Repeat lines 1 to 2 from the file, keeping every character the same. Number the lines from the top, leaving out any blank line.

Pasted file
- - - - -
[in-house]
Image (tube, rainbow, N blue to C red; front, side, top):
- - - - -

[in-house]
Image (tube, rainbow, N blue to C red; front, side, top):